|By Jeremy Chone||
|May 19, 2009 12:14 PM EDT||
If you are lucky, and curious enough, Oracle can be the best place to learn the enterprise software market. I have worked at Oracle for about seven years and, in my entire career, it is where I have learned the most about enterprise software. When Oracle announced it was buying Sun, I was actually not that surprised, and I thought it was to be expected after the IBM escape. Oracle is in a self-fulfilling prophecy to consolidate the enterprise software market and, after IBM turned down what could have been a great match for open source and Java, Oracle had to jump in. Larry Ellison and Safra Catz are great market strategists, and Sun should have been on their radar for a long time. Larry has also been good friends with Scott McNealy, and this topic must have come up many times over the years.
Anyway, now that this merger is almost done, the big question everybody has is what will happen with Sun software and open-source assets such as Java, MySql, and OpenOffice. There is also the burning question about Oracle’s commitment regarding Linux. Before going one-by-one, it is important to understand few things about Oracle:
- Oracle does not like GPL. They have been forced to coexist for their Linux strategy against Microsoft, but, they are isolating it as much as possible.
- Oracle does not care about desktop computing. While Oracle has some desktop applications (e.g., JDeveloper and Beehive Clients), it tends to mostly focus application model research and development on Web frameworks such as JSF and Fusion Middleware. In other word, no AIR will be coming out of Oracle anytime soon.
- Oracle has a very talented Linux group, headed by Wim Coekaerts, which has made significant Linux (GPL) contributions. However, overall, Oracle is still far behind IBM in terms of Open Source investment. IBM is the organization that gets and does open source better than anyone else.
- Oracle masters, better than anybody else, the art of selling software to enterprises. It has the most aggressive enterprise sales force on the market, and they know all the tips and tricks to maximize any single software sell.
So, now the burning questions are what Oracle will do with Java, MySql, and OpenOffice, and will it stay committed to Linux?
1) Oracle on Java
Java is probably the biggest topic, at least for developers.
On the language side, I think it will be business as usual. Sun Java linguists will probably stay at Oracle, and Oracle will probably keep them, as they are the core of one of the biggest part of their acquisition. Many developers are already considering the Java language to be in maintenance mode after JCP‘s repeated failures to adopt Java popular requirements such as closures. Therefore, the change in ownership will probably have little effect on the already-not-popular Java language evolutions.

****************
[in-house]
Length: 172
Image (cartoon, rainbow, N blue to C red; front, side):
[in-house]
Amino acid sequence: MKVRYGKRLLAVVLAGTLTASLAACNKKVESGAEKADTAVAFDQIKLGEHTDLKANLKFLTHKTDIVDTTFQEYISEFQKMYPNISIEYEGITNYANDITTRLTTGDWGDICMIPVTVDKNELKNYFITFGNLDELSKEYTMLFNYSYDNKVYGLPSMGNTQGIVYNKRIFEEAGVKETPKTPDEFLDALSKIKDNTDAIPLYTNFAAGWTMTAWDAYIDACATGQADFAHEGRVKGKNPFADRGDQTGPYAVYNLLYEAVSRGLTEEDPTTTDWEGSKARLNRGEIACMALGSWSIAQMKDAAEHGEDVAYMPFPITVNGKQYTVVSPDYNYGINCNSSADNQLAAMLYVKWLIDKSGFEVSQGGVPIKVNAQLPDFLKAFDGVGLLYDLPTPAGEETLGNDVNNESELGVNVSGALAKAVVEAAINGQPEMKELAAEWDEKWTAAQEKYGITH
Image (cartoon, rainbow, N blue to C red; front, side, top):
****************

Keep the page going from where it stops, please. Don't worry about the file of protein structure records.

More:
Oracle might have a bigger effect on the server side of Java. EJB3.0/ORM and Portal specs and implementations should get a boost and, hopefully, JSF will get a re-lifting. However, changes in velocity will be hampered by the fact that everything will still have to go through the same JCP process.
Now, the client side is going to be the entertaining one. I think that first, Oracle will get confused and overwhelmed by JavaFX (who has not?). Then, it will be interesting to see what the Oracle people will do about it. My guess is they will let it be for a while (out of confusion), and then quietly deprecate JavaFX as they realize it is the failed compiled client/server model all over again with some flying pixels, a cute, but weird, Java-like-but-not-Java language, with very low client penetration.
On the tool side, the NetBeans vs. JDeveloper fight is going also to be fun to watch. Oracle has been very emotionally tight with its JDeveloper to the point of prioritizing it over BEA Eclipse-based IDE (even after standardizing on WebLogic middleware). The good news is that both NetBeans and JDeveloper are Swing-based, so a happy marriage is not out of the question (except if JavaFx wants to cause trouble).
Personally, I am a little concerned about Tomcat. Tomcat has become a very robust and reliable Servlet container and, with frameworks like Spring and Hibernate, can become the backbone for highly scalable SaaS enterprise applications. The good part is that Tomcat is governed by Apache, which hopefully will maintain a good continuation of the project. But again, if Oracle decides to stop continuing Sun’s investment in Tomcat, the product will untimely surfer.
2) Oracle on MySQL
Let’s get to business. MySQL acquisition is very interesting. It is important to note that Oracle has always tried to understand what it could do with MySQL, without giving it too much attention. This initiative became concrete in 2005, when they bought the innoDB. MySQL’s CEO, Marten Mikos, has also been relatively friendly with Oracle over the years. I actually think he would have rather been bought by Oracle than by Sun. But although this was a topic of discussions, it has never happened, because, as Larry likes to put it: